Out of the pile of lifeless, dingy words I picked up, I wrote these melodramatic sentences which actually make me laugh. I even used the first two lines in A Love that Never Fails, yesterday. ^_^
Silver was the frayed gleam of martial colour and glory; it was hoary with age, but venerable with respect. . . The sky dripped with melancholy that bleached, August morning. . . An overworked Pedestrian crossed through unsophisticated seasons in a bleak and cheerless routine of the humdrum. . . She was pigeonholed in the age-old, subconscious traditions of her Elderly forefathers. . . I feel comatose, as if erstwhile I stand in the colourless features of this threadbare world, I am reduced to the corroded frosts of my upbringing. . .
And then, the story-product:
Tilting her head up wistfully, she watched the pattern of raindrops on the windowpanes. The sky dripped with melancholy on that bleached grey February afternoon.‘Tis the shade of . . . silver, she thought, sadly. But silver was the frayed gleam of martial colour and glory; it was hoary with age, but venerable with respect. . . - A Love that Never Fails.
I know. It's melodramatic to the extreme. I really feel like all I have is a little nut tree, nothing to bear but a silver nutmeg and a golden pear :). But I am okay with that. These days I am not writing a novel with the hopes of publication. I am writing simply because I want to learn. . . because I need a release valve from normal life, a place to write bits of my heart and experience and emotions. Because I have a story that I love deep down, and one-day hope to write as beautifully and accurately to the images in my head as I can possibly make them. Oh, goodness, it is so hard trying to be patient with that. But I am also going to try and enjoy this season of my writing life. Because God has put me in this place and time for a purpose, and I want to appreciate it and gain all I can from it, by His grace. I know the experience of learning will never quite end, but some seasons have the "waiting" a bit more than others. Therefore, for now I will just keep writing crappy, melodramatic synonymous sentences, scenes and novels, and enjoy the process of learning to become a better writer like it's the Theme-Park ride of a lifetime.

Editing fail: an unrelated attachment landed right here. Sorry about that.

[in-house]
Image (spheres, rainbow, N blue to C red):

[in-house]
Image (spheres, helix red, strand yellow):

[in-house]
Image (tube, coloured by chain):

Because it really is.